Drowning is typically thought to be the only swimming pool danger, but injuries can also result from unchecked chemical levels and slippery surfaces.

Whether you’re at a public pool or at home near your pool, danger can strike at any moment. In fact, drowning is one of the major causes of death for children under the age of five. With such alarming statistics one would think that greater attention would be paid to this concern. In this article, we’ll not only discuss ways to prevent an accident from drowning but also:

  • Why it is necessary to regularly check pH, chlorine and other chemical levels
  • How to prevent a slip and trip in areas surrounding the pool
  • Tools to help you create a safe environment for adults and children

Frequently Check Chemical Levels

The pool’s water quality has a great deal to do with the types of bacteria that are bred. Many individuals think that if it’s crystal clear it must be clean—but that’s far from true. Even water that looks pristine can be a breeding ground for water illnesses. Instruct pool attendants to frequently check pH levels, as they can become quickly unbalanced. For public swimming pools, keep a chart indicating pH levels (in relation to the temperature and the number swimmers) to help you better identify when they’re more likely to become unbalanced. Also be careful to read all labels in regards to chemical use because an unsuitable combination can prove to be toxic for swimmers.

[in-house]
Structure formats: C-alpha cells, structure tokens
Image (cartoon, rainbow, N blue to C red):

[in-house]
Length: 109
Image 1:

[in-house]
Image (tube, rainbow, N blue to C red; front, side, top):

Drowning is a Serious Concern  

As you’ve likely guessed, drowning is a primary concern associated with swimming pools. Children should never be left unsupervised, even if they are skilled swimmers. In some situations, however, it may be difficult for attendants or lifeguards to monitor swimmers. Swimming pool convex mirrors can bring obstructed corners to view. These are suitable for public swimming facilities and even around your home to keep a careful eye on children. As a parent or caretaker, it’s also not a bad idea to learn basic emergency aid techniques like cardiopulmonary resuscitation (CPR). This skill alone has the potential to save a life in an emergency situation.

Prevent a Slip and Trip

Slip, trip and fall accidents are common in areas where concrete meets water. Public pool authorities, for that reason, need to be especially careful to educate patrons on the dangers and take the necessary steps to remove moisture from entryways, decks, and locker rooms. This can be done by mopping wet areas, installing rubber padding for increased traction, and mounting advisory signs. Another approach is to have individuals read and sign a safety waiver upon entrance so that they can raise any concerns they may have before setting foot on the property.

Pools are intended to be joyous and fun but they can quickly become hazards if the proper precautions are not taken. Remember to be cautious of moist and slippery walkways, routinely check the chemical levels to prevent bacteria growth and always monitor children who are swimming.